She waited a full minute of Ghia not coming out of the door before kicking it one more time. “Bugger this for a lark,” she said, giving up, and opened the door and strode in angrily.
“Sweet Juno, cuz,” Yarrow said as she left the North Tower with Ghia, “you could have warned me there was a thousand-year-old — ”
“Older,” Ghia cut her off.
“Two-thousand-year-old — ”
“Older still –”
“Really fecking old Magi living in the tower! I thought they were just a legend!”
“You mean to tell me you weren’t listening when I told you about Rosa, in Harbourtown?” Ghia gave her a stern look.
Yarrow coughed and looked away. “Didn’t believe you, to be honest,” she said, glancing back at Ghia. The healer intensified the glare. “What? Being told there’s an ancient talking tree in a closed-off tower is supposed to be believable?”
Ghia sighed and dropped the look, moving her eyes to stare down the hallway. “No. I hardly believe all this myself sometimes. I’m sure that any moment I’ll wake up, even though it would be a cheap trick, to escape all this.”
There was a brief pause before Yarrow spoke. “Bring me with you if you do, cuz.”
“Wouldn’t that be akin to running from a fight?” Ghia asked, her tone lightly teasing.
Yarrow smiled sardonically at Ghia. “All good bellicas run. Didn’t you know that?”
“Because I know so much about military…stuff,” Ghia said, rolling her eyes at Yarrow. “How many times have you run, then?”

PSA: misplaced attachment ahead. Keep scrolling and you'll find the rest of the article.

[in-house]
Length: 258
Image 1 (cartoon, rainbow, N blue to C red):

“There have been many times, in the course of my career, when retreating was the wisest course of action. I can’t say I took the chance every time, because I’d be lying, and what’s the point of lying to a Magi who will just read my mind anyway?” She punched Ghia lightly on the shoulder, who snorted and muttered something that sounded like, Part-Magi, actually, but Yarrow ignored her. “Let’s just say I’ve done my fair share. I’m still alive, at any rate.”
“Then it must have worked,” Ghia said, shrugging.
“Though,” the bellica said after a moment, something else coming to mind, “truth be told, there’s a time that I ran and lived when I shouldn’t have. Not lived a life worth it, anyway. After my survival course — got mauled by a treecat. Was pretty sure I’d be a cripple for life, but the healers…they fixed me up pretty good. You know anything about that, Healer Ghia?” She pinned Ghia with an intense stare, but the girl looked straight ahead, refusing to meet her gaze.
“Not the cloudiest idea, Bellica Yarrow. My mother would know; you should ask her.”
“Yeah,” Yarrow said, scratching her chin thoughtfully, “I did. She said something about the most talented healer in the nation. I thought that was you, but if I’m wrong….”
Ghia’s fist connected with Yarrow’s shoulder then, rather more forcefully then Yarrow would have expected from the girl. “Shut up, cousin,” the healer said. “My mother did not say that about me and yes — I was the one. We’re going to drop the subject now because we’re no longer in a secluded area of the castle.”
Yarrow sketched a quick bow to appease the glaring Ghia and tried to keep in her laughter. “Aye, M’Lady,” she said, in all seriousness, and Ghia glared harder. “What? You technically outrank me,” she said softly, teasing only slightly.
Ghia sighed, though it sounded more like a huff, and started walking down the hall again. “Only in times of peace, Bellica.”
Yarrow sobered then, and matched pace with her younger cousin. “True. Too true.” They reached the junction of the North Wing to the more central and populated area of the castle and Yarrow dropped her hand to Ghia’s shoulder briefly. “Have you the rest of the day off? Good,” she said to Ghia’s nod. “Saddle up your horse and meet me outside the stables at 1600 hours. We need to talk, but not here.”
Ghia nodded her assent and silently the two women blended themselves back into the human traffic of the halls.